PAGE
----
Gabriela Cabral Rezende wins the Whitley Award for her efforts in the conservation of the black lion tamarin


Biologist Gabriela Cabral Rezende coordinates the Black Lion Tamarin Conservation Program of IPE, one of the longest-living conservation programs in Brazil, and that recently completed 35 years of uninterrupted activities. Among more than 100 applications, the researcher and other five scientists from different countries won the 2020 Whitley Awards. Each prize is worth £40,000, which will be used in the respective projects.

Nine years ago, Gabriela inherited the program coordination from primatologist Claudio Padua, one of the founders of IPE and the first Brazilian to win the Whitey Award, in 1999. In the extreme west of São Paulo state, the main headquarters of the program is in the Pontal do Paranapanema region, where is located the largest forest remnant of Atlantic Forest in the interior of São Paulo state – one of the last hotspots of global biodiversity.

With an original area of 1.3 million square kilometers, only 14% of the Atlantic Forest remains, as much of it was cut for sugarcane plantation and cattle ranching. With only 1,800 black lion tamarins in the wild, its remaining habitat is highly fragmented, with small and isolated populations.

“The black lion tamarin exists only in the state of São Paulo. For this reason, it is the official state mammal symbol. We are responsible for guaranteeing its existence. I am extremely grateful for the award, that will help us to continue a conservation work that needs to be carried out for the long term, in order for us to see its results” stated Gabriela.

Gabriela and her team work to protect the black lion tamarins by carrying out scientific research, environmental education, and forest restoration. With the collaboration with local communities, IPE restores forest corridors that connect several native forest fragments. The action generates capacity building and improves the income of the population: nine community nurseries and agroforestry plantations help to implement the corridors. The largest of them is also the largest in Brazil, with more than 20 kilometers long and 2.5 million of trees planted.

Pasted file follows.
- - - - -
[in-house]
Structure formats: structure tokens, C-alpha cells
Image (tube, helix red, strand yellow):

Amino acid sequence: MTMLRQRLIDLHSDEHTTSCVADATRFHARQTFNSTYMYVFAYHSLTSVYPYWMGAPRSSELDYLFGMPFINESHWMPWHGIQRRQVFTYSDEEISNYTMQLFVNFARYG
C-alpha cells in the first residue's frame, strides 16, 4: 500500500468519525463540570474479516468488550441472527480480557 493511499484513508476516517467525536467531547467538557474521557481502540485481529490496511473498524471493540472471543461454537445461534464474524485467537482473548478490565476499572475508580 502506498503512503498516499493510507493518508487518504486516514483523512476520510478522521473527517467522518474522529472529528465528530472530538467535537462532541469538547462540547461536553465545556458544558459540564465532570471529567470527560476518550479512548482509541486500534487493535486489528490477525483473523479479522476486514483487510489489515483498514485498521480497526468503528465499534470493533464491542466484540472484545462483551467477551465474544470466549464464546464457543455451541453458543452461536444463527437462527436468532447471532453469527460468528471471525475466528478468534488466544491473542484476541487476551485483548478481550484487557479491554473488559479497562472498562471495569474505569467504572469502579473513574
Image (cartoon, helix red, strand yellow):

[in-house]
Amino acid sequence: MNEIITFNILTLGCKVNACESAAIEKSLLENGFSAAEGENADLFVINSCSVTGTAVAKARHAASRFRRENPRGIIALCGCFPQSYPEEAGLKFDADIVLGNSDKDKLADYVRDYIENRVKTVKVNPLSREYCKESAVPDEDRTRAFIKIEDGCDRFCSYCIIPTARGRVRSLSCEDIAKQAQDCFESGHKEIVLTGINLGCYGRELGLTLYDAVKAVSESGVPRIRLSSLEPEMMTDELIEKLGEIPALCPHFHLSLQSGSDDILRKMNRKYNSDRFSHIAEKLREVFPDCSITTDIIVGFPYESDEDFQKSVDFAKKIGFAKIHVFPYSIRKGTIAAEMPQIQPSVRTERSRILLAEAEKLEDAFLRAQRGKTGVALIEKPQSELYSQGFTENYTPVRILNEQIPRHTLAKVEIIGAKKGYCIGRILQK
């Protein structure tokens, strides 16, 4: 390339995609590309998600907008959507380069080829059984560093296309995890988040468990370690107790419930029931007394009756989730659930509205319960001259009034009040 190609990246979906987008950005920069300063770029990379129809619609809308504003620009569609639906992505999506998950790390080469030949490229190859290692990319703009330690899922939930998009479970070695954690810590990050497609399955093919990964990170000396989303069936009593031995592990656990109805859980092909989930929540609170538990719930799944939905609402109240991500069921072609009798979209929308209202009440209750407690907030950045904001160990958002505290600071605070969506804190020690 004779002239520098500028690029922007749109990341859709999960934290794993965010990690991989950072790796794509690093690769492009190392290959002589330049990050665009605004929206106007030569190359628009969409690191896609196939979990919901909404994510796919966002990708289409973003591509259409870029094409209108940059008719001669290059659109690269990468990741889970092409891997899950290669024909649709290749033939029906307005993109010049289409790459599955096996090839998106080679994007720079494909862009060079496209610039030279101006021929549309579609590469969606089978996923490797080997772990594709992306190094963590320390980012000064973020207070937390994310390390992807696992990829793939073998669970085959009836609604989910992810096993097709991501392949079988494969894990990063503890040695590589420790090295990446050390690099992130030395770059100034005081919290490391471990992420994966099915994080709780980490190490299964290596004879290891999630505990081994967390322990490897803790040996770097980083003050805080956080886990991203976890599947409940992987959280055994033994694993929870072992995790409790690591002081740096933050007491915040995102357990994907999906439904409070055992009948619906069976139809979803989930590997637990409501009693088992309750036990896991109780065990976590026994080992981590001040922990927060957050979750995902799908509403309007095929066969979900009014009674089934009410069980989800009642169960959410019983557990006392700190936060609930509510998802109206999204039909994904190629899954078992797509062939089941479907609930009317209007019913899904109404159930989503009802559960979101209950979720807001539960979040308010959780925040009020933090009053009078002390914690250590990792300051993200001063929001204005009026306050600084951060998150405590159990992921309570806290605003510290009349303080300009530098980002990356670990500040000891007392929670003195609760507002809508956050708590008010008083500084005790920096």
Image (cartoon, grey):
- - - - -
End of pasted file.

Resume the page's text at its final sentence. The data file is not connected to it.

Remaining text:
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Funding from the Whitley Award will enable the plantation of more corridors by Gabriela and her team. The goal is to connect every population of black lion tamarin in the region, with the establishment of a continuous forest area of approximately 45,000 hectares (45,000 soccer fields). Besides reforestation, the research plans to transfer groups of black lion tamarins to forest patches currently uninhabited by the species, to guarantee their presence in a wide forested area. This is part of a plan to avoid genetic consanguinity and to assure that these small monkeys have enough resources to survive. The environmental education activities promoted by IPE will also continue in the region.